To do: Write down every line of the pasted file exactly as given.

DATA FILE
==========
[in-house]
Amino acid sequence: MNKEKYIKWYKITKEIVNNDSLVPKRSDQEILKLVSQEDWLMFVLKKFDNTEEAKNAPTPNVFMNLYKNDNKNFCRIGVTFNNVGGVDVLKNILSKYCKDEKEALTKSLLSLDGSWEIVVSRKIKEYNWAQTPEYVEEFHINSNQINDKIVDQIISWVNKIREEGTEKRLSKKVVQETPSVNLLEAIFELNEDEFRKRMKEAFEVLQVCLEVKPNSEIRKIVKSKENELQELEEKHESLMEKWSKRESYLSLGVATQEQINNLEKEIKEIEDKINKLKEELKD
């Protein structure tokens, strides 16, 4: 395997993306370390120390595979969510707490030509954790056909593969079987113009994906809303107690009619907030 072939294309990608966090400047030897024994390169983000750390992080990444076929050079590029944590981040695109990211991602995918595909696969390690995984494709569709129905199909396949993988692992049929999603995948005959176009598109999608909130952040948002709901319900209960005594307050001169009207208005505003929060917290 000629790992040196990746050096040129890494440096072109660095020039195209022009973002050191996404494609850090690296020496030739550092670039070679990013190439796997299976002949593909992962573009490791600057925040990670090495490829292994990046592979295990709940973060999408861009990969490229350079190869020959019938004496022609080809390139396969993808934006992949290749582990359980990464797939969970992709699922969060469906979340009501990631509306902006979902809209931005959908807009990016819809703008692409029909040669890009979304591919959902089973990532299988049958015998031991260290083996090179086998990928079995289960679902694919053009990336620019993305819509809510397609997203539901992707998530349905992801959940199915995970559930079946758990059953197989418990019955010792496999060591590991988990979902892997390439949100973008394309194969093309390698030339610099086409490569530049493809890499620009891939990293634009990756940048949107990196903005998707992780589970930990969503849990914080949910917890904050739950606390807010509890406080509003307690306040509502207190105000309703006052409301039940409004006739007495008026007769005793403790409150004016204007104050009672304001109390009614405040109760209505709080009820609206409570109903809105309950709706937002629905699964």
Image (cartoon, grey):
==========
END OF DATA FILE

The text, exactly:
[in-house]
Amino acid sequence: MNKEKYIKWYKITKEIVNNDSLVPKRSDQEILKLVSQEDWLMFVLKKFDNTEEAKNAPTPNVFMNLYKNDNKNFCRIGVTFNNVGGVDVLKNILSKYCKDEKEALTKSLLSLDGSWEIVVSRKIKEYNWAQTPEYVEEFHINSNQINDKIVDQIISWVNKIREEGTEKRLSKKVVQETPSVNLLEAIFELNEDEFRKRMKEAFEVLQVCLEVKPNSEIRKIVKSKENELQELEEKHESLMEKWSKRESYLSLGVATQEQINNLEKEIKEIEDKINKLKEELKD
């Protein structure tokens, strides 16, 4: 395997993306370390120390595979969510707490030509954790056909593969079987113009994906809303107690009619907030 072939294309990608966090400047030897024994390169983000750390992080990444076929050079590029944590981040695109990211991602995918595909696969390690995984494709569709129905199909396949993988692992049929999603995948005959176009598109999608909130952040948002709901319900209960005594307050001169009207208005505003929060917290 000629790992040196990746050096040129890494440096072109660095020039195209022009973002050191996404494609850090690296020496030739550092670039070679990013190439796997299976002949593909992962573009490791600057925040990670090495490829292994990046592979295990709940973060999408861009990969490229350079190869020959019938004496022609080809390139396969993808934006992949290749582990359980990464797939969970992709699922969060469906979340009501990631509306902006979902809209931005959908807009990016819809703008692409029909040669890009979304591919959902089973990532299988049958015998031991260290083996090179086998990928079995289960679902694919053009990336620019993305819509809510397609997203539901992707998530349905992801959940199915995970559930079946758990059953197989418990019955010792496999060591590991988990979902892997390439949100973008394309194969093309390698030339610099086409490569530049493809890499620009891939990293634009990756940048949107990196903005998707992780589970930990969503849990914080949910917890904050739950606390807010509890406080509003307690306040509502207190105000309703006052409301039940409004006739007495008026007769005793403790409150004016204007104050009672304001109390009614405040109760209505709080009820609206409570109903809105309950709706937002629905699964």
Image (cartoon, grey):